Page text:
The Notice provides two transition rules that apply during 2007. The first of these allows a plan to continue, through March 30, 2007, a restriction on divestiture rights that is in effect on December 18, 2006. The second allows a plan to continue, through December 31, 2007, to (1) impose a restriction on investments in employer securities that does not apply to a stable value fund and (2) permit more frequent divestitures of an investment that is not a generally available investment (e.g., an investment that is limited to a fixed class of participants).

Restrictions to Comply with Securities Laws

Notice 2006-107 provides that a plan may impose restrictions on diversification rights that are reasonably designed to comply with applicable securities laws, and gives the following examples of permitted restrictions:

  • limits on the rights of Section 16 officers to divest employer securities to a certain period following the publication of the employer’s quarterly earnings statements;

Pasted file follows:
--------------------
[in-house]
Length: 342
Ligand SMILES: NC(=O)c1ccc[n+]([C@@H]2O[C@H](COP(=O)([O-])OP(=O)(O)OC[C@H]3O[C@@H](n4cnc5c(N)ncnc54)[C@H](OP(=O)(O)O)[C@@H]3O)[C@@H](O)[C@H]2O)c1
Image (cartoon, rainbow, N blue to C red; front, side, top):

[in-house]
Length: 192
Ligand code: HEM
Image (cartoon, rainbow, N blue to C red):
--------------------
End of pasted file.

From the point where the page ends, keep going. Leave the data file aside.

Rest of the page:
• limits on divestitures of employer securities for up to 90 days following the employer’s IPO; and
     
  • fees imposed on other investment options under the plan that do not apply to investments in employer securities.

Model Notice

Plan administrators must notify affected participants of their diversification rights under Code section 401(a)(35) at least 30 days before the participants are entitled to exercise these rights. This notice requirement is generally effective for plan years beginning after December 31, 2006. Notice 2006-107 provides a model notice for this purpose and also clarifies that no plans (including those with plan years beginning in January, 2007) are required to furnish notices before January 1, 2007.